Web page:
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I heard about Joe Beef through the food blog grapevine, but as a gluten free vegan I didn’t think it would be quite up my alley. Then David Lebovitz went and blogged a round up of his favorite cookbooks, and I could no longer stay away. That is his power.

The Art of Living According to Joe Beef

As promised in every review, The Art of Living According to Joe Beef is filled with beautiful photography of food and locales around Montreal. As I expected content-wise, the book had little to offer me in terms of anything I could actually eat short of a cucumber salad. But that’s not really why we read these hybrid of cookbook-slash-memoiry type books, is it? I have a little peeping Tom in me, and while I’m not interested in scaling your house to plant my face against your window, I am interested in what you’re eating right now. Food is intimate. It has a story to tell, and some people have a gift for telling that story while others have a gift for creating the food and continuing the story. To me, Joe Beef falls in the second category.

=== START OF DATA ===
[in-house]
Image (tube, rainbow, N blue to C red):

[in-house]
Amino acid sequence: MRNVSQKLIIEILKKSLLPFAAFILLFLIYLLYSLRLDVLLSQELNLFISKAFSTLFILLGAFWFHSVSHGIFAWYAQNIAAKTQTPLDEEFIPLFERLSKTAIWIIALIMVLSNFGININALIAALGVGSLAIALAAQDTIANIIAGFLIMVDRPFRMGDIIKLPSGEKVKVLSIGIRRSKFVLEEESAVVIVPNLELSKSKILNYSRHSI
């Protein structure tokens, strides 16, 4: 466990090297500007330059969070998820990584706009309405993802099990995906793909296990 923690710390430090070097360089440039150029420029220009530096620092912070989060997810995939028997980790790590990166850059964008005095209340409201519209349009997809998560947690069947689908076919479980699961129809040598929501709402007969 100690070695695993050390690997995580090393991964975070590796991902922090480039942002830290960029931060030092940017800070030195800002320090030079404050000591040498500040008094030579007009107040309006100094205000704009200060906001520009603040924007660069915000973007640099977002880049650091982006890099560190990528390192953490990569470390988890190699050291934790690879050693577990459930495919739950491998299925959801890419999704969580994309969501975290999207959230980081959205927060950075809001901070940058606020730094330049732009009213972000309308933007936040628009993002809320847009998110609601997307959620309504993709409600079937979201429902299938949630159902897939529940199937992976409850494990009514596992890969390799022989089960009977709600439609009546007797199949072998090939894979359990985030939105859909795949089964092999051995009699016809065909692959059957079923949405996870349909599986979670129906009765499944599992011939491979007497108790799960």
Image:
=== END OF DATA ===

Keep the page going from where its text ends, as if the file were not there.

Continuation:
The owners’ ideas about food are at the heart of this book. They have a clear vision of who their customers are and the type of restaurant they want to run. Besides a flair for cooking and building nick knacks like meat smokers, their success comes from a determination to live their lives the way they want to. I think it’s this message that resonates most, but my favorite parts of the book were the slices of history about the Canadian rail and the origin of some of Montreal’s traditional dishes that are vanishing from menus. And the wine section ought to come with a warning that you will be overcome with an insatiable craving for a glass of Burgundy.

While you really can’t beat spending a few hours with people who love their life and work, I would only recommend this book to people who are really into their meats and seafood. What I gained most from this read is a travel to do: ride the Canadian rail from Toronto to Vancouver with wine and maybe a friend.